Linda Lewis Griffith

Easing the need for control

Do you like to have things just so in your home or office? Do you insist that others do things exactly the way you want them to be done? Do you become excessively angry if others do something that you don’t like? Then you may be a control freak and it may be wreaking havoc on your life and your relationships.

“Control freaks are people who care more than you do about something and won’t stop at being pushy to get their way,” says clinical psychologist Dr. Les Parrott from the Center for Relationship Development in Seattle.

While each of us is passionate about certain issues and wishes to occasionally run the show, control freaks are passionate about everything and stop at nothing to ensure that they’re in charge.

Control freaks may be perceived as domineering, but they are actually anxious and fearful. They harbor underlying fears that they will be exposed as being inadequate and that they’ll lose control of their jobs or loved ones. The more anxious they feel, the more they attempt to control their surroundings.

Many control freaks struggle with obsessive-compulsive disorder, a type of anxiety disorder characterized by repetitive thoughts and behaviors, such as hand washing, cleaning or counting. For instance, a man with OCD may incessantly wash and wax his car and become furious if someone gets handprints on the paint.

Control freaks also have trouble managing anger. They respond to seemingly minor issues with tirades and emotional outbursts. They will escalate an argument to irrational levels if they feel threatened, causing others to back down instead of risk a possible explosion.

Control freaks rely on intimidation tactics such as put-downs, insults or criticism to keep those around them in line. Family members may feel incompetent and powerless as they are bombarded with negative messages by their controller.

In fact, control freaks are often in relationships with compliant, accommodating partners who allow them to take charge and are willing to back down whenever there is a disagreement.

Few control freaks mean to be controlling. Most express remorse when they realize that others are frightened or humiliated by what they do. Still, their behavior can have debilitating consequences to those with whom they interact.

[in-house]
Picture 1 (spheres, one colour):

Of course, no one should stay with a person whose controlling behavior is physically dangerous or threatening. Nor is it wise to be involved with anyone who is emotionally abusive. Those relationships should end ASAP and steps should be taken to avoid hooking up with such difficult partners in the future.

But many controlling people are achievement-oriented, get-’er-done types whose do-it-my-way personalities have been key factors in their success. Most have lots of positive attributes and, though sometimes difficult to live with, are capable, high-functioning folks. (And let’s face it, who wouldn’t want a pilot or a surgeon who has a here’s-how-we’re-gonna-do-it brand of perfectionism and self-assurance?)

Even so, control freaks would do well to recognize when they are anxious and learn strategies to calm themselves down. They should address their anger and disengage when they’re hot under the collar. Finally, they should practice respect toward everyone they meet, especially those living in the same household. These changes won’t happen overnight. But they’ll make control freaks much easier to be around.

Tips for coping with a control freak

Are you involved with a control freak? Try these suggestions to make things run more smoothly:

• Stay calm. Control freaks are already feeling out of control. They don’t need partners who are ballistic too. Instead, notice when your control freak is feeling anxious and do your best to defuse the situation.

• Grant control freaks the control they seek. Never attempt to out-control control freaks. They’ll always escalate a situation to the max. Instead, be willing to say, “We’ll do it your way,” to avert an impending blow-up.

• Address problems when the dust has settled. Let control freaks know where you stand on issues, but do so in a respectful, logical way. You want to elicit cooperation; becoming aggressive will make them defensive.

• Offer assurance and information. Control freaks are often soothed by data, facts and encouragement. Remind them you have the tickets before leaving for the theater. Let them know where you’re going if they tend to worry. They’ll feel as if they’re reclaiming control, and they’re apt to be more reasonable.

• Be patient. Living with control freaks requires vigilance and effort. Yes, they can be wearing. But if your control freak is basically a good partner, your energies will be worth it. If not, get out and find someone new.

Linda Lewis Griffith is a local marriage and family therapist. For information or to contact her visit